A federal judge has dismissed a lawsuit that alleged that the NFL’s concussion settlement discriminates based on race through “race-norming” in dementia tests.
The Associated Press reported that the lawsuit states “race-norming” makes it harder for Black NFL alumni to qualify for settlement awards that average more than $500,000. Race is one of the demographic factors in dementia testing, with lawyers saying that the testing assumes Black athletes start with worse cognitive functioning than white athletes.
Senior US. District Judge Anita B. Brody dismissed the lawsuit Monday, ordering the NFL and the lead lawyer in the $1 billion settlement to resolve the issue through meditation. According to The Athletic’s Daniel Kaplan, Brody ruled the case an “improper collateral attack.” Lawyer Cyril V. Smith filed a notice to appeal the dismissal.
“We are deeply concerned that the Court’s proposed solution is to order the very parties who created this discriminatory system to negotiate a fix,” said Smith, who represents former NFL players Kevin Henry and Najeh Davenport. “The class of Black former players whom we represent must have a seat at the table and a transparent process.”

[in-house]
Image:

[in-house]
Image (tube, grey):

The lawsuit alleges that Henry and Davenport were denied awards that they would have earned if they had been white. An ABC report released last month found that several clinicians fear the baseline cognitive assessment does discriminate.
Players first sued the NFL for its handling of concussion issues and brain injuries in 2011. A settlement fund, for which Brody steered negotiations, has so far paid more than $765 million to retired players for neurocognitive problems linked to NFL concussions, including about $335 million for dementia.
The awards average more than $700,000 for 203 ex-players diagnosed with moderate dementia and more than $500,000 for the 365 diagnosed with earlier-stage dementia.